A report into the attack on the US Consulate in Benghazi, Libya, has found that systemic failures at the State Department led to insufficient security at the compound.
US Ambassador Christopher Stevens and three other Americans died in the 11 September attack.
The report also found that the Libyan response to the attacks was "profoundly lacking".
It specifically faulted the State Department's Bureau of Near Eastern Affairs and its Bureau of Diplomatic Security.
The report cited "leadership and management" deficiencies at the two bureaus, poor coordination among officials in Washington, and "real confusion" on the ground over who had the responsibility, and the power, to make decisions that involved policy and security concerns.
The report's harsh assessment seemed likely to tarnish the four-year tenure of Secretary of State Hillary Clinton, who said in a letter accompanying the review that she would adopt all of its recommendations.
The incident has raised questions about the adequacy of security at US embassies around the globe and where to draw the line between protecting US diplomats in dangerous places, while giving them enough freedom to do their jobs.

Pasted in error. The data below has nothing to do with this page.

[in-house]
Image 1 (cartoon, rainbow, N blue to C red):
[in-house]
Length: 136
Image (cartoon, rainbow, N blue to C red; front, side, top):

The political fallout in the US following the attack led to the withdrawal of Susan Rice for consideration for the post of Secretary of State.
She was widely tipped as a front-runner to replace Mrs Clinton when she steps down in the new year, but said she wished to avoid a potentially disruptive Senate confirmation process.
Republican politicians had criticised Ms Rice for comments she made on several television talk shows in the aftermath of the attack, in which she said preliminary information suggested the assault was the result of protests over an anti-Muslim video made in California rather than a premeditated strike.
The review, however, concluded that no protest took place before the attack.